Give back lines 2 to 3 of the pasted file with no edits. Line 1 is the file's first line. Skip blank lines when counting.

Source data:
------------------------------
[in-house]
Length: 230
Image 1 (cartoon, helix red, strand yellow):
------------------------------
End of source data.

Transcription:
Length: 230
Image 1 (cartoon, helix red, strand yellow):